Personal Data Protection

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Protect your data

In the case of violation or non-implementation of the new regulation, or non-preparedness for it, obliged entities may face heavy fines which, in many cases, may lead to liquidation.

Following the example of the competition law, the GDPR introduces fines several times higher than we have been used to. They are capped at €20,000,000 or 4% of the company’s total annual turnover (the higher of the two) and will depend on a number of factors such as the nature, severity, and duration of the breach, the number of citizens affected and the extent of the damage, the steps taken by the controller or processor to mitigate the damage, the category of personal data affected by the breach, and many others.

It is important to highlight that the maximum fine can be imposed on both a small company with five employees or a large multinational corporation, if such company fails to take the necessary steps to comply with the principles and obligations under the GDPR.

What is personal data?

Personal data are the name, gender, age and date of birth, and civil status, but also the IP address and any photographic record. In the case of an individual entrepreneur, this includes company information, such as an e-mail address, telephone number, or the various identification data issued by the state.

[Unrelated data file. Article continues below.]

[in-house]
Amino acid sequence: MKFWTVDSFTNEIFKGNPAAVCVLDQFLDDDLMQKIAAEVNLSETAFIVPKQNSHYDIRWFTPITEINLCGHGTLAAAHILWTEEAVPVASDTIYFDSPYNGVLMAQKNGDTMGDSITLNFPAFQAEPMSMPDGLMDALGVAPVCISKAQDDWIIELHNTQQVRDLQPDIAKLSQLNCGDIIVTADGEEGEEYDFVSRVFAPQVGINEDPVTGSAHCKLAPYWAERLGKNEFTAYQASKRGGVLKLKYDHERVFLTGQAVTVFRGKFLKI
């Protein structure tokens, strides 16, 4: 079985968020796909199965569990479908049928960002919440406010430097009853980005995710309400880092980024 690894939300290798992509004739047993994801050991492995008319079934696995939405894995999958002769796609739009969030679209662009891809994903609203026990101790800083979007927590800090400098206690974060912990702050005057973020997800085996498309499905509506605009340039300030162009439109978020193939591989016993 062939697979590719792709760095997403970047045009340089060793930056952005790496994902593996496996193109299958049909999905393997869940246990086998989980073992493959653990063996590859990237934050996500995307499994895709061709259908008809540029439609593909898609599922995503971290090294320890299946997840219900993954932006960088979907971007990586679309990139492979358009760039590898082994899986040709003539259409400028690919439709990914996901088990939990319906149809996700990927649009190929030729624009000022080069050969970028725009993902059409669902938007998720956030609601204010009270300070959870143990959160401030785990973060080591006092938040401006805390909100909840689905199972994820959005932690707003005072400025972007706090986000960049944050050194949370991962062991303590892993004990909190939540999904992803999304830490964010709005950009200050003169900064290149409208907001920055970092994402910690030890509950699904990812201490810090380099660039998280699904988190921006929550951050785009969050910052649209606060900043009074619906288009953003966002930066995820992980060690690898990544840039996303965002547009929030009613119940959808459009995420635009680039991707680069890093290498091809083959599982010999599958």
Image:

Special categories include: information on racial or ethnic origin, political opinions, religious or philosophical beliefs, trade union membership, health, sexual orientation, and criminal offences or convictions.

According to the regulation, sensitive data are genetic data, biometric data, and the personal data of children. These are subject to much stricter rules.

What obligations does the GDPR impose on organisations?

The GDPR imposes the obligation for data controllers and processors (regardless of their size or number of employees) to put in place technical, organisational, and procedural measures to demonstrate compliance with the principles of the GDPR.

  • Implementation of deliberate and necessary data protection

  • Preparation of a data protection impact assessment (DPIA)

  • Appointment of a Data Protection Officer (DPO)

  • Introduction of the so-called pseudonymisation of personal data

  • Keeping records on processing activities

  • Consultation with the supervisory authority before the actual processing of personal data